Doing more research to understand why youth experiment with tobacco use, denormalizing tobacco use and raising awareness about the tobacco industry marketing tactics targeting youth are also seen as promising measures by respondents. In addition, many urged the Government to close what they consider as loopholes in bans on tobacco promotion. Suggestions include banning tobacco branding on non-tobacco products, implementing a stricter movie classification system, mandating anti-tobacco advertisements whenever tobacco use is depicted in media (e.g., in movies, TV shows, video games) and imposing stricter conditions on the provision of funding for artistic productions.
Many respondents think that the Government should do more to prevent and address the contraband issue in Canada and internationally and some recommended potential options in that regard. Some suggested that the Government learn more from other jurisdictions about successful anti-contraband measures. Some also suggested that the Government work in collaboration with international partners, PTs, Indigenous communities and other partners to implement a comprehensive contraband strategy that could include measures to better monitor illicit activities, inform the public on the issue, tighten controls on the supply chain, including on material used to manufacture cigarettes (e.g., acetate tow used in filters), and implement higher penalties on offenders.
On the other hand, many highlighted the need for the Government to focus on countering information from the tobacco industry on the link between tobacco regulations and contraband, and in particular that the Government should do more to dismiss the false belief that higher taxes on tobacco products fuel contraband. Respondents supporting this position suggest that the industry is exaggerating the contraband issue in an attempt to distract Canadians from the bigger issue of tobacco use.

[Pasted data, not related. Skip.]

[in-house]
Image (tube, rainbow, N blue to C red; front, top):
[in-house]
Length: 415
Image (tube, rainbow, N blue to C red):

Helping Canadians who use tobacco
Addiction is an important driver of tobacco use. Quitting is difficult. In 2015, less than 6% of former smokers had quit within the past year while approximately 50% of daily smokers had made at least one quit attempt.Footnote 10 Quitting smoking is the best thing a person who smokes can do to improve their health.Footnote 11
On November 22, 2016, the Government introduced Bill S-5, An Act to amend the Tobacco Act and the Non-smokers' Health Act and make consequential amendments to other Acts, which establishes a new legislative framework to regulating vaping products in order to address the risks and potential benefits of these products. The Bill amends the Tobacco Act and changes the title to Tobacco and Vaping Products Act (TVPA). The proposed TVPA aims to protect youth and non-users of tobacco products from nicotine addiction and inducement to tobacco use, while allowing adults, particularly adults who smoke, to legally access vaping products as a less harmful alternative to tobacco.